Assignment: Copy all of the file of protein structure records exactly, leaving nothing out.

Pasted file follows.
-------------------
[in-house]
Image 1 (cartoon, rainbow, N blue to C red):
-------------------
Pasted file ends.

[in-house]
Image 1 (cartoon, rainbow, N blue to C red):